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Aleksandr Pushkin (Alexander Pushkin)

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The illness with which he'd been smitten
should have been analysed when caught,
something like spleen, that scourge of Britain,
or Russia's chondria, for short.
Ch. 1, st. 38

Aleksandr Pushkin (Alexander Pushkin)

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Sin is the sharpest scourge that any chosen soul may be smitten with: which scourge thoroughly beateth man and woman, and maketh him hateful in his own sight, so far forth that afterwhile he thinketh himself he is not worthy but as to sink in hell, — till when contrition taketh him by touching of the Holy Ghost, and turneth the bitterness into hopes of God’s mercy.

Julian of Norwich

The prospect of a Russian conquest of Western Europe is one for which history affords no material. The theory that the Russians have not advanced from the Elbe to the Atlantic because of the nuclear deterrent is not more convincing than the theory that they have not done so because they do not want to do so and have never envisaged, unless perhaps in terms of world revolution, a Russian hegemony in Western Europe... Of all the nations of Europe, Britain and Russia are the only ones, though for opposite reasons, which have this thing in common: that they can be defeated in the decisive land battle and still survive. This characteristic, which Russia owes to her immensity, Britain owes to her moat.

Enoch Powell

An essential element in forming a single electorate is the sense that in the last resort all parts of it stand, or fall, survive or perish, together. This sense the British do not share with the inhabitants of the continent of Western Europe. Of all the nations of Europe Britain and Russia alone, though for opposite reasons, have this in common: they can be defeated in the decisive land battle and still survive. This characteristic Russia owes to her immensity. Britain owes it to her ditch. The British feel – and I believe that instinct corresponds with sound military reason – that the ditch is as significant in what we call the nuclear age as it proved to be in the air age and had been in the age of the Grande Armée of Napoleon or the Spanish infantry of Philip II. Error or truth, myth or reality, the belief itself is a habit of mind which has helped to form the national identity of the British and cannot be divorced from it.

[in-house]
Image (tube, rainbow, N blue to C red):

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A military man can scarcely pride himself on having "smitten a sleeping enemy"; it is more a matter of shame, simply, for the one smitten. I would rather you made your appraisal after seeing what the enemy does, since it is certain that, angered and outraged, he will soon launch a determined counterattack.

Isoroku Yamamoto

From my tenderest youth I have considered the union of Ireland with Great-Britain as the scourge of the Irish nation. And that the people of this country can have neither happiness nor freedom whilst that connection endures. Every day's experience, and every fact that arose, convinced me of this truth; and I resolved, if I could, to separate the two countries. But as I knew Ireland could not of herself, throw off the yoke, I sought for help wherever I could find it.

Theobald Wolfe Tone
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